Proteins are dynamic, fluctuating between multiple conformational states. Protein dynamics, spanning orders of magnitude in time and space, allow proteins to perform specific functions. Moreover, under certain conditions, proteins can morph into a different set of conformations. Thus, a complete understanding of protein structural dynamics can provide mechanistic insights into protein function. Here, we review the latest developments in methods used to determine protein ensemble structures and to characterize protein dynamics. Techniques including X-ray crystallography, cryogenic electron microscopy, and small angle scattering can provide structural information on specific conformational states or on the averaged shape of the protein, whereas techniques including nuclear magnetic resonance, fluorescence resonance energy transfer (FRET), and chemical cross-linking coupled with mass spectrometry provide information on the fluctuation of the distances between protein domains, residues, and atoms for the multiple conformational states of the protein. In particular, FRET measurements at the single-molecule level allow rapid resolution of protein conformational states, where information is otherwise obscured in bulk measurements. Taken together, the different techniques complement each other and their integrated use can offer a clear picture of protein structure and dynamics.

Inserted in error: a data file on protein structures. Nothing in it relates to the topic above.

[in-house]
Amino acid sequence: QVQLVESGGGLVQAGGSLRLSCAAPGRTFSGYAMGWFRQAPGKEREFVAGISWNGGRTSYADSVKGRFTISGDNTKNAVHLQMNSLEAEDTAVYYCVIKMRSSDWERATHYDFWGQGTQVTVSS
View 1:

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1.Hubei Key Laboratory of Natural Medicinal Chemistry and Resource Evaluation, School of Pharmacy, Tongji Medical CollegeHuazhong University of Science and TechnologyWuhanChina
2.CAS Key Laboratory of Magnetic Resonance in Biological Systems, State Key Laboratory of Magnetic Resonance and Atomic Molecular Physics, National Center for Magnetic Resonance at WuhanWuhan Institute of Physics and Mathematics of the Chinese Academy of SciencesWuhanChina